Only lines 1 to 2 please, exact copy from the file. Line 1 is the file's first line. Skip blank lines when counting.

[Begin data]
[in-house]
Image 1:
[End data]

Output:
[in-house]
Image 1: